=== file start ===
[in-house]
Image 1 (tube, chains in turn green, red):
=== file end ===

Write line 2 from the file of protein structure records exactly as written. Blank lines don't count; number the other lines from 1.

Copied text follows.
Image 1 (tube, chains in turn green, red):